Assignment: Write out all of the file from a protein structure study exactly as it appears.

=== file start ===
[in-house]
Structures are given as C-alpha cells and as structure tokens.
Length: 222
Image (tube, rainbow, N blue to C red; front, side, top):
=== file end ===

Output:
[in-house]
Structures are given as C-alpha cells and as structure tokens.
Length: 222
Image (tube, rainbow, N blue to C red; front, side, top):